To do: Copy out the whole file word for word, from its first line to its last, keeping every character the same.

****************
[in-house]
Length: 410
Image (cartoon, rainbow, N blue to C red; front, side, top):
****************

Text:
[in-house]
Length: 410
Image (cartoon, rainbow, N blue to C red; front, side, top):